By Paul Sperry
Two days after then-acting FBI Director Andrew McCabe formally put President Trump under criminal investigation in May 2017, bureau officials reached out to the author of the controversial “Steele dossier” for more information, even though they had fired him for misconduct six months earlier.
Text messages and congressional testimony transcripts reveal that McCabe’s “Russia team” re-established direct contact with ex-British spy Christopher Steele to build a case against the president for espionage and obstruction of justice after Trump had fired FBI Director James Comey on May 9, 2017.
Comey had previously described the dossier – opposition research alleging Trump-Russia ties that was paid for by the Clinton campaign – as “salacious and unverified.” The FBI had severed ties with Steele in November 2016 due to behavior that convinced his handlers he was not a trustworthy source.
Former federal prosecutors and investigators described the move to RealClearInvestigations as “desperate.” They also said the FBI’s decision to suddenly re-engage with a discredited confidential source raises fresh questions about the evidentiary grounds on which the FBI opened an unprecedented probe targeting the president.
“It suggests that McCabe lacked evidence to make an espionage case against Trump and was desperate to find it — even if that meant going back to the same unreliable source of still-unverified dossier dirt,” former federal prosecutor Solomon L. Wisenberg said.
While noting that there are not only Justice Department rules but also federal laws against opening groundless investigations, they warned that if the nation’s top police force can investigate and spy on a president without hard evidence of criminal behavior, they can do it to anyone. “It’s pretty clear that Comey’s firing is what prompted McCabe’s fury,” Wisenberg said.
McCabe, who ran the FBI after the president fired Comey, maintains he had sufficient grounds to authorize two investigations of the president himself — including whether he was personally acting on behalf of the Russian government and whether he was impeding the ongoing investigation into Russian interference in the 2016 election.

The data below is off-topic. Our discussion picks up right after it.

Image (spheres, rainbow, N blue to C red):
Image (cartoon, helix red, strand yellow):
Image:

In a series of recent television interviews promoting his new book, “The Threat,” McCabe said his decision to investigate Trump as a Russian asset was based on public information, not secret intelligence or any smoking-gun evidence tying Trump to the Kremlin.
Prosecutors and investigators interviewed by RCI said none of the information made public should have been enough to launch an FBI probe. But the Comey firing reportedly will be part of an obstruction-of-justice and corruption inquiry announced on Sunday by the new Democratic House Judiciary Committee Chairman, Jerrold Nadler, which could result in Trump’s impeachment.
In the days following Comey’s firing, McCabe quickly assembled his “Russia team” of investigators, led by Peter Strzok, who was accused of anti-Trump bias when he was later fired by the bureau. McCabe says his team recommended he order a full investigation of the president, which he says he approved on May 10.
On May 12, two days later, the FBI sought to reconnect with its old informant Steele.
The overture was made through senior Justice Department official Bruce Ohr, whose wife, Nellie, worked for Fusion GPS, the opposition research firm paid by the Clinton campaign to dig up dirt on Trump. Fusion GPS, in turn, had paid Steele, a former British spy, to create the dossier. Ohr had served as a steady go-between channeling anti-Trump research from Fusion GPS and Steele to the FBI throughout the presidential campaign and the first year of the Trump presidency. Republican Rep. Mark Meadows asked Ohr about these contacts during a closed-door congressional hearing last August, transcripts of which were released late last month.